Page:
Even though a healthy diet is the foundation of optimal nutrition, supplements do fulfill a vital role in establishing a healthy lifestyle. In fact, there are certain cases where vitamin supplements are essential. People who should seriously consider beginning a supplement regimen include:

  • Vegetarians and vegans. These people tend to be health-conscious anyway, though their restricted diet means that they may be missing out on some important nutrients like calcium, vitamin B12, and iron.
  • Pregnant or nursing women. Women in this condition have additional nutritional needs, particularly for vitamins such as iron, folic acid, and calcium. Women must ensure these needs are met for the sake of their baby's health.
  • Meal-skippers. As long as you get the nutrients you need at some point during the day you will be fine, but people who skip meals tend to neglect attention to nutritional details. The amount of nutrients you need varies by gender, age, and activity level, so take these factors into consideration when deciding what, if any, supplements to take.
  • Low-calorie dieters. People who severely restrict their calorie intake run a high risk of experiencing nutritional deficiency. Dieters must ensure that the foods they do eat are nutrient-dense. Supplements may be a good idea to prevent deficiency.
  • Individuals who are lactose intolerant. People with this condition have a hard time getting sufficient amounts of calcium, which is found most often in dairy products. As a result, people, (especially women) with lactose intolerance may want to consider a supplement.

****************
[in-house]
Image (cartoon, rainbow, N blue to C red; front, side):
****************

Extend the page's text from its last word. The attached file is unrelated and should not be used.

• Individuals with autoimmune diseases. A vitamin deficiency almost always accompanies other major health issues. For example, patients with pernicious anemia, Crohn’s disease, Graves’ disease and lupus usually need vitamin B12 injections. Vitamin D deficiencies have been linked to diabetes, multiple sclerosis, Crohn’s disease, lupus and rheumatoid arthritis.

What You Should Know If You Take Supplements

First and foremost, not all supplements are created equally. There is no “miracle pill” that can cure and/or prevent all ailments. Supplements are meant to improve upon an already healthy diet, nothing more.

Almost all manufacturers have a disclaimer in their labels saying that the supplement is not guaranteed to cure anything. However, manufacturers may indicate the potential benefits of the nutrients in the supplement, which can be confusing for consumers.

So if you choose to add supplements to your diet, know what you are buying and if it should be taken with food or on an empty stomach. Do not overdose, as certain vitamins (such as vitamins A, B6, and D) can be toxic in high levels.

Tell your doctor what supplements you are taking as certain types can interfere with medication.

And most importantly, don't forget that supplements are part of, not a replacement for, a healthy and well-balanced diet.

About the Author

Barbara is the founder and owner of She is a former research scientist with a serious passion for health. She enjoys writing about nutrition, wellness and lifestyle and empowering people to take control of their health.